Yes. We also support open source content management systems.  We leverage our API with a plugin which connects the backend of a Drupal or Wordpress website to our translation management system. Clients can send content directly to us for translation using the relevant CMS plugin.
Clients can access our Client Portal via the our website to initiate and track their localization project.  This web based application serves as a window to your localization projects, and is accessible via the internet…on the cloud.
Understand your market. Find out which devices are most popular in your target markets, and use that data point in developing your localization strategy. In some regions, it might make more sense to design mobile apps first for specific apps, and then roll-out more broadly. For example, based on user population: IOS, then Android, BlackBerry or Windows may be a good strategy in some countries.
Test, test, test again, and test more… your final step before you move to your next market is to test. Test your app on each platform, as well as for major mobile browsers. This will demonstrate how well an app works on various operating systems and ensure consistency.
Pseudo-localization is a testing method whereby the text (usually the strings of the software user interface) is replaced with another text to test for internationalization issues.  By testing the application with non-Latin characters and accents, such as those used in Asian and Middle Eastern languages, many issues related to UI display can be revealed early in the product development cycle.


 ELearning & Training

The learning experience can vary tremendously based on presentation. Localizing eLearning material will depend on the type of content, the presentation platform, and the target culture. Along with content, consideration should also be given to the user interface, voice narration, and multimedia platforms.   Selecting the right voice and delivery speed can make a difference to the training experience. The goal is to make the learning experience effective for the audience.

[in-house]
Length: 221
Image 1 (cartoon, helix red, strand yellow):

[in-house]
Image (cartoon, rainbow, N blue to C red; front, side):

Multimedia can enhance training programs by allowing the learner to receive the material using visual and audio cues designed to stimulate the learning experience.  For example, presenting material with voice and sound effects can be effective for both visual and auditory learners.  Flash media, videos and other visual effects will not only bring the content alive, but will also make the experience more memorable, and enhance the learning process.
Localizing multimedia content will depend on many things including the source material and the target languages.  Consideration should be given to text, colors, images and sounds.  Different cultures have different connotations regarding visual images and colors. For example, white connotes pureness in some Western cultures, but in some Asian cultures it is reserved for death.


Voice-Over & Subtitling

When deciding on voice talent you should consider the type of project and the audience. Is it training for employees or an advertising piece with potentially high visibility?  Is it a computer based eLearning module or a video for YouTube?  Does it make sense to use a female British English talent or a male American talent, or an accented voice, such as a Spanish voice speaking English? The voice must represent the right appeal for the audience.
The primary difference has to do with how the text is recorded in relation to the screen slides or video images.  If a specific audio speed is required, then you would need a timed script dictating the amount of time a specific sentence, phrase or section will need to span.  Whereas a free flow script will allow the voice talent to express the message in a natural speed not tied to time constraints, yet flowing within the video or screen slides.
When localizing multimedia projects the decision to use subtitles or voiceover will depend on the content and budget.  For example, when producing an eLearning piece, a more enriching learning experience can be created by using both visual and listening cues.  Videos tend to be more effective using voice talent when there is lots of dialogue or narration.  When working within strict budget constraints, using subtitles can be effective.